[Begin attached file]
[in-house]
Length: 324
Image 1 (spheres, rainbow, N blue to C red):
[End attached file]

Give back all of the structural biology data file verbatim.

[in-house]
Length: 324
Image 1 (spheres, rainbow, N blue to C red):